The “soft vengeance” of Albie Sachs

Brandeis Events, Brandeis University, International Justice, Law and Justice No Comments »


Abby Ginzberg has made a terrific new film, “Soft Vengeance: Albie Sachs and the New South Africa.” It brings to life one of the great human rights heroes of our time, a Jewish South African who joined the African National Congress, became one of the principal crafters of the South African constitution, and then a member of democratic South Africa’s constitutional court. Sachs spent two long stints in solitary confinement in apartheid-era prisons, and he later lost his right arm and the sight in one eye as the result of a bomb blast in Mozambique in 1988, but his commitment to justice and his zest for life emerged intact from those searing experiences.

For Albie Sachs, the “soft vengeance” for the bomb blast was the triumph of justice and democracy in South Africa. Ginzberg’s film works splendidly on three levels. It is first a story of an special, vital individual whose open personality, sense of humor, and burning passion are contagious. Secondly, it’s a national story, reminding its viewers of the tremendous odds that South Africans working for democracy faced, and of the great triumph of their collective struggle.

Finally, “Soft Vengeance” is a story about what Sachs called in our discussion the “emancipatory” potential of the law. Sachs had grown up thinking of the law as an instrument to protect property and the interests of the powerful. As a lawyer in an activist movement, he came to understand how law can be used creatively in the service of freedom. Not only did he go on to play a part in the new constitution for South Africa, but as a member of the Constitutional Court he penned some ringing human rights judgments, including the decision that legalized gay marriage, the first African nation to do so. Abby Ginzberg was also trained as a lawyer before she started directing films 30 years ago, so she brings a special passion for the subject of “emancipatory” justice to each of her projects.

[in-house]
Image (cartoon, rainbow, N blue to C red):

We were fortunate to have Albie Sachs and Abby Ginzberg with us at Brandeis University last week for a special advance screening of “Soft Vengeance,” the first on a college campus.  We at the International Center for Ethics, Justice and Public Life were pleased to be joined by the National Center for Jewish Film and the Louis D. Brandeis Legacy Fund for Social Justice in presenting the event.

After the screening, Sachs and Ginzberg talked together about the making of the film, and the tug-of-war between them about how certain aspects of his life would be portrayed. “It may be your life,” Ginzberg had to remind Sachs from time to time, “but it’s my film.”

The screening took place on September 11, and perhaps there was something appropriate in this. Albie Sachs has had a special ability to transform personal suffering into a force for social good. He spoke eloquently about how, in the aftermath of the bombing, he had an ebullient feeling: “They came for me . . but I am still here!”  Human rights activists around the world are his comrades, Sachs told the audience, but they can be so dour. Why not, he suggested, seek both joy and the struggle? Hearing from Albie Sachs on September 11 was an opportunity for all Americans in the audience to think about the extent that we have or have not used the events of 13 years ago as a motivation for positive, productive change.